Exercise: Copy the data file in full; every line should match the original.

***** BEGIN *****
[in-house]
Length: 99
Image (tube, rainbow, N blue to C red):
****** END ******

[in-house]
Length: 99
Image (tube, rainbow, N blue to C red):